Skellig, by David Almond
Maybe I'm just especially weakened from this hideous sickness that my Treasured Sister gave me for Christmas (Thanks, Sis! I'M SOOOOO APPRECIATIVE!), but I'd completely forgotten what a beautiful book Skellig is: by the time I reached the end, I was full-on sobbing. Not because it was remotely sad, but just because it was so, so lovely that it made me HAVE ALL SORTS OF FEELINGS.
In it, David Almond ties life and death and love and family and friendship and hope and despair and angels and dinosaurs and owls and evolution together, and he does it in a way that celebrates the interconnectedness of all things without getting all woo-woo.
It is, as Mina and Michael would say, extraordinary.
You probably already know the storyline: Michael and his family have just moved into an old fixer-upper of a house, they have lots of big plans about renovating it, about bringing the garden back to life, about knocking down the already-dangerously-decrepit shed on the property and replacing it with a garage.
They didn't count on the baby coming so early.
Or on her being so sick.
Or on the man-who-might-not-be-exactly-a-man living in the shed.
I don't even know where to start, it's so superb. Heck, if you've never read it, you ought to just stop reading this and pick it up instead—it's less than two hundred pages long. (Were YA books shorter in the '90s? Also, would we even call this a YA book now? It won a Printz Honor, but except for the British thing, I feel like it's almost more Newbery material, age-wise.)
A few things I loved about it this time around:
Death as part of life. Death surrounds everything and everyone in Skellig—Michael's sister is fighting for her life, Mina's father died, Skellig just wants to lie down and die, Michael's new house opened up because the previous owner died—and it very definitely creates stress, poses a threat, causes emotional upheaval, and everything that loss (and potential loss) can do. BUT! Almond also shows it as a thing of beauty, in that the owls that Mina and Michael adore are predators: they kill to live. And even when an owl kills a baby bird—so similar to the blackbird chicks that Mina has been studying and protecting throughout the book—she and Michael see beyond the sadness of that life lost to the bigger picture: that bird's death is, in part, an owl's life.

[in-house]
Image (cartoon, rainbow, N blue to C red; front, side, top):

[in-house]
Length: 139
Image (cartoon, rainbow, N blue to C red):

OH HELL, I AM SUDDENLY SO TEMPTED TO START BELLOWING THE CIRCLE OF LIFE. (It's a good thing Josh isn't home at the moment.)
Friendship. Mina and Michael's growing connection and friendship, which very well might not have happened if not for his sister's illness. Mina, as I mentioned in my post about the prequel, My Name is Mina, could so easily have been a revoltingly wise/twee/quirky character, but she's not: she reads like a real person, a precocious kid who is exceedingly prone to moments of pure obnoxiousness. And that, for me, makes her all the more likable. They're both lonely, they're both mulling over some Really Big Stuff, they happen to find each other, and they very rapidly—and believably—develop a kinship, a trust.
Also, Michael's growing disconnect—and then reconnect—with his old friends: rather than just growing out of his old friends and walking away (which probably would have been easier to write), Almond allowed them ALL to grow up a bit. It's so nicely done.
Family. Despite the razor-sharp tension in Michael's house, it's totally, completely obvious and evident that there is a whole lot of love and affection in their family. So much that Michael never questions it, never questions his place in his parents' hearts, never questions whether or not he wants his sister in his life. Which, thinking back over the family stories I've read over the last few years, suddenly seems so refreshing, so satisfying, and so... comforting.
Skellig: I like that there's no question that he's real, just that we're never quite sure if he's man or beast or angel. Or all three.
I could go on.
But really, it's 182 freaking pages long. Just read it.